Now let us examine what are the advantages of an XC mountain bike over other types of mountain bikes when it comes to road riding:
- Designed for pedaling performance: XC bikes need to be very efficient in transferring your pedaling power to the back wheel otherwise you will have a big disadvantage on climbs in XC races, full suspension XC bikes have an anti-squad mechanism built into the rear suspension so it will absorb less of your pedaling power,
- Lighter than other mountain bikes: XC races don’t require your bike to be able to handle the same level of abuse as enduro or downhill events, this allows manufacturers to produce lighter bikes (lighter frame, components), which makes XC bikes much more efficient on the road,
- They have less aggressive tire tread patterns: XC bikes are built for speed and they aren’t designed to overcome the most technical terrain, this means that less rolling resistance is desired so their tires have less aggressive treads (for XC you don’t need as much traction compared to enduro and downhill), this is a big plus on the road when almost any tire has enough traction,
- They roll fast in corners: XC bikes are designed to be very efficient at cornering, with a shorter wheelbase than a trail, enduro, or downhill bike, an XC bike will start to corner the moment you start turning the handlebars.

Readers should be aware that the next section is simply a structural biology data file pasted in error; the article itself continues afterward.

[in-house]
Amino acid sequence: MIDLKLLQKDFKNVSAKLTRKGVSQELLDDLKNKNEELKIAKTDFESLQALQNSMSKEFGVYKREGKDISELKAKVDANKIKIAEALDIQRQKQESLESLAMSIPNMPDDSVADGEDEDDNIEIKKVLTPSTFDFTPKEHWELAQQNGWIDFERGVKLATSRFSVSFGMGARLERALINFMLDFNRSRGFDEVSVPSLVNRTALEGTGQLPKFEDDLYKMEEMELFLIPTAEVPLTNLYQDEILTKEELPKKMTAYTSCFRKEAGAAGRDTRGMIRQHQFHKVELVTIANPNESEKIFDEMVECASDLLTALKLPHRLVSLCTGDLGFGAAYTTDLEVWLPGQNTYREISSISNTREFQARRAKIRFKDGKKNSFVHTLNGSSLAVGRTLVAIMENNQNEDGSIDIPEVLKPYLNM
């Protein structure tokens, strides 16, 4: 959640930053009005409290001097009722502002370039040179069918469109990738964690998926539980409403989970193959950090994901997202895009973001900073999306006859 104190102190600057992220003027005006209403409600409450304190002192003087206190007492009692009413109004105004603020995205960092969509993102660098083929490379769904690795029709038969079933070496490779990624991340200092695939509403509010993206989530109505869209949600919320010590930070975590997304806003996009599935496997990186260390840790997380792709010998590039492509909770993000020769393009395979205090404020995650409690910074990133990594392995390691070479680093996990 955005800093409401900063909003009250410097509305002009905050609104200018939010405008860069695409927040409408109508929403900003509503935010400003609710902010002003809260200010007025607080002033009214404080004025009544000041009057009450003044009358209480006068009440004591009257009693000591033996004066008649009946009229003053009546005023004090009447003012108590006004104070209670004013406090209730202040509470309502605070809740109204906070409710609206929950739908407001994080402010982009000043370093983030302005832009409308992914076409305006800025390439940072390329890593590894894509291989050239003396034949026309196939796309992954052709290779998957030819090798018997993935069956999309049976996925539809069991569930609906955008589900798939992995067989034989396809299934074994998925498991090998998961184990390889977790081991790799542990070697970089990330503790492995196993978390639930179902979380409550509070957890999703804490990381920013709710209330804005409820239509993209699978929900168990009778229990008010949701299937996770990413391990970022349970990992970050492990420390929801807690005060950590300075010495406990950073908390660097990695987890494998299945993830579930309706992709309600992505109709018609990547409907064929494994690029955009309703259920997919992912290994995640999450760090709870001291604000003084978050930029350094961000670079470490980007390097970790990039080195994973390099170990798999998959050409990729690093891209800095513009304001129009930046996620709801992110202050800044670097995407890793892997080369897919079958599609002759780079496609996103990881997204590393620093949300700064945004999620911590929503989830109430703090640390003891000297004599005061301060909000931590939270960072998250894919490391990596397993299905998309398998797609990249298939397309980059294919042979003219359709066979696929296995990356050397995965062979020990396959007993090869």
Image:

Which Is the Better Choice for Road Riding? (Hardtail or XC Full Suspension)
This is an easy answer, the instant power transmission from the pedal to the back wheel of a hardtail will make it the better performer on the road (and let’s not forget uphill) but still if the road is in rough shape a full suspension will be more comfortable but you will lose a bit in the speed department.
A full suspension will be slower than a hardtail on the road but don’t think it’s a very big difference, but in some cases, even a small difference will matter (in competitions). If you plan to ride with friends a full suspension will not make you fall behind but it will require a bit more effort from you compared to your friends riding hardtails.
I personally prefer the full suspension just because it is easier on your lower back and it doesn’t require you to get off the saddle as often, for this reason, I am willing to sacrifice a bit of my pedaling power.
Are There Disadvantages of Riding an XC Bike on the Road?
There aren’t many disadvantages when it comes to riding an XC bike on the road.
The most notable disadvantage is that you will be slower with an XC MTb than with a road bike and your tires will wear off much quicker because they are made from softer rubber than road tires, they need to be more efficient on dirt (for more traction) but the road is harder and it will tear down your tires quicker.
You can definitely combine a road riding with trail riding with an XC bike, this is the biggest advantage of an XC bike, its versatility.
You will not have too many drawbacks of riding an XB bike on pavement, more than this it will give you more than decent performance when it comes to speed.
I use my XC full suspension on the road all the time and I am enjoying it a lot, so just have fun!
I started mountain biking many years ago to improve my overall health state. After my first ride, I fell in love with the sport. Now I spend dozens of hours a week researching and training to compete in local XC and Enduro events.